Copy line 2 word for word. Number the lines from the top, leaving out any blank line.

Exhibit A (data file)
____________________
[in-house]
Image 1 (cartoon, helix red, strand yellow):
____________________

Image 1 (cartoon, helix red, strand yellow):